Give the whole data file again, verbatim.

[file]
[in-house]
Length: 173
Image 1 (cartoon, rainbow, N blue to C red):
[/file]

[in-house]
Length: 173
Image 1 (cartoon, rainbow, N blue to C red):